Determinants of 30-day Morbidity in Adult Cranioplasty: An ACS-NSQIP Analysis of 697 Cases

Rachel E. Armstrong, Marco F. Ellis*

*Corresponding author for this work

Research output: Contribution to journalArticlepeer-review

2 Scopus citations

Abstract

Background: Cranioplasty is performed to restore the function and anatomy of the skull. Many techniques are used, including replacement of the bone flap and reconstruction with autologous or synthetic materials. This study describes the complication profile of adult cranioplasty using a prospective national sample and identifies risk factors for 30-day morbidity. Methods: The American College of Surgeon's National Surgery Quality Improvement Project database for 2015-2016 was utilized. Cases were identified by current procedural terminology code, size, and type (autologous/alloplastic). χ2, Fisher exact, and ANOVA tests compared demographic differences. Univariate and multivariate logistic regressions were performed to identify risk factors for 30-day morbidity and mortality. Results: Six hundred ninety-seven cranioplasty cases were identified. Two cases used 2 types of cranioplasties and were counted in both groups. Five hundred forty-three cranioplasties were alloplastic, 57 were autologous, and 99 were classified as "Other."Age, race, diabetes, ventilator dependency, congestive heart failure, hypertension, wound infection, sepsis, and bleeding disorders were identified on univariate analysis to increase complication risk. Multivariate analysis identified age of the patient, systemic sepsis, and bleeding disorders as significant risk factors for complications. There was no difference in complications between cranioplasty types. Overall and medical complications were greater in cranioplasties >5 cm (P < 0.001). Conclusions: Cranioplasty is a morbid procedure, with a complication rate of 27.4% and a mortality rate of 3.0% in this national sample. Factors such as age, sepsis, bleeding disorders, and size increase risk. Identification and modification of risk factors may guide operative timing and influence informed consent.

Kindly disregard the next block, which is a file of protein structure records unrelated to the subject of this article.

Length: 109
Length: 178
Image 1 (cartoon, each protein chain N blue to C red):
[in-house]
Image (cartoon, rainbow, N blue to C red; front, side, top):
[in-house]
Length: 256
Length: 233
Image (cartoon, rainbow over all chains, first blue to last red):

Original languageEnglish (US)
Pages (from-to)E2562
JournalPlastic and Reconstructive Surgery - Global Open
Volume7
Issue number12
DOIs
StatePublished - Dec 1 2019

ASJC Scopus subject areas

  • Surgery

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